• Political Geography: Uganda, Africa, Philippines, Zimbabwe, Asia-Pacific
  • Author: Mariana Matoso
  • Publication Date: 04-2018
  • Content Type: Research Paper
  • Institution: Oxfam Publishing
  • Abstract: This report shares Oxfam’s experience with a water treatment plant community-led operator in Juba, South Sudan. It contributes to the debate on the role that communities can play in the process of managing water supply systems amid protracted crises. The report gives guidance on how to support professionalization of community services by providing business, governance and institutional support, and calls on donors and implementing agencies to develop WASH programmes which consider medium-term institutional support that ensures sustainability and pro-poor accessibility.
  • Topic: Water, Infrastructure, Governance, Conflict, Humanitarian Crisis, Hygiene
  • Political Geography: Africa, South Sudan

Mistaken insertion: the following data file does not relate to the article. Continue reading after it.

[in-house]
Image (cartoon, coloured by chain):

• Author: Simone Lombardini
  • Publication Date: 05-2018
  • Content Type: Working Paper
  • Institution: Oxfam Publishing
  • Abstract: This evaluation is presented as part of the Effectiveness Review Series 2016/17, selected for review under the women’s empowerment thematic area. The evaluation took place in November 2016 in Tunisia, and intended to evaluate the success of the ‘AMAL: Supporting Women’s Transformative Leadership’ project in increasing women’s empowerment. The project ‘AMAL: Supporting Women’s Transformative Leadership’ is a multi-country programme operating in Morocco, Tunisia, the Occupied Palestinian Territories and Yemen, with regional coordination from Lebanon. The results coming from this Effectiveness Review are not meant to be indicative of the overall impact of AMAL, but more a focused assessment for the Tunisia component. The AMAL project operating in Tunisia started in 2012, following the revolution of 2011, with the objective to increase women’s awareness of their political and socio-economic rights, and support women to play a more active role in the political and socio-economic life of their community and country.